sprawl15: Jackson Herring: flux: Forgive the gender assignment here -- this is a personal credo and I happen to be male, but I've long thought that the difference between a boy and man is that a boy believes he needs to deal with a problem only if he caused it, whereas a man will deal with a problem simply because there is a problem, and it needs to be dealt with. A boy complains when asked to help. A man does not.

Preserving individual liberties is not noble if the liberty you're primarily concerned with is that you should not be expected to help.

but taxes aren't fair

We could make them fair by having the nearly half of all Americans who don't pay taxes try to contribute to society.

But then they'd have to get off their asses, so you know that ain't gonna happen.


*tosses yellow flag*

Complete and utter bullshiat on the field, 15 yard penalty, loss of down.
2012-09-28 03:00:46 PM
1 votes:

slayer199: Kazan: slayer199: Helping people is bad, listen to me pretend to be superior

Apparently you have a short attention span or an issue with reading comprehension.

http://www.fark.com/comments/7352951/79679484#c79679484


let me show you how little that post changes my opinion of you.


History, simple, stark, dirty harsh history - the Gilded Era - shows beyond a reasonable doubt that your philosophy doesn't work in the real world. You're a Large-L Libertarian. You are in favor of Laissez-Faire capitalism (to the point I call it anarchocapitalism), which is hardly a form of capitalism at all. Laissez-Faire is incompatible with personal freedom, as the large corporations will limit your options, feed you poisons, harm your body, and warp your mind for their profit.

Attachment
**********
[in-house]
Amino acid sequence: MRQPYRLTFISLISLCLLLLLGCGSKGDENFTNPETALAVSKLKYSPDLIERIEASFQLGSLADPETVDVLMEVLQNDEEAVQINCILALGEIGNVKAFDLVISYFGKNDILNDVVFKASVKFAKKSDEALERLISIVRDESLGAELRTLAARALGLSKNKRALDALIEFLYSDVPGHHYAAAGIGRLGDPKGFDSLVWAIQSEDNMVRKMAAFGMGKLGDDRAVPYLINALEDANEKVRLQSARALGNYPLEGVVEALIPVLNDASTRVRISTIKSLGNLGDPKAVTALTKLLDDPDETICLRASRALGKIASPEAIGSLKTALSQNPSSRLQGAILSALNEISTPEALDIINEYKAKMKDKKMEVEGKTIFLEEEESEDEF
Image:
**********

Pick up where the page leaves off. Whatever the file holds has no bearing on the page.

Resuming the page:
Large-L Libertarianism in the united states is the equal and opposite of Stalinistic Communism - but they're still the same damn coin, minted of willful ignorance of human behavior and motivation. Anything that coinage is invested in doesn't work and can never work in the real world.
2012-09-28 02:59:35 PM
1 votes:
Forgive the gender assignment here -- this is a personal credo and I happen to be male, but I've long thought that the difference between a boy and man is that a boy believes he needs to deal with a problem only if he caused it, whereas a man will deal with a problem simply because there is a problem, and it needs to be dealt with. A boy complains when asked to help. A man does not.

Preserving individual liberties is not noble if the liberty you're primarily concerned with is that you should not be expected to help.
2012-09-28 02:08:55 PM
1 votes:

Weaver95: you dodged my point - we've tried Republicans, we've tried Democrats....and look where it's gotten us. here we are, just as we've always been. And we're going to keep right on electing Republicans and Democrats and dancing to the same music until it all comes crashing down around us. I'm suggesting we've got other options.